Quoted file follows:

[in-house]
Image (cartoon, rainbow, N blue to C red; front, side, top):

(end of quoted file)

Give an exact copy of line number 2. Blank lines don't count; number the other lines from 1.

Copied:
Image (cartoon, rainbow, N blue to C red; front, side, top):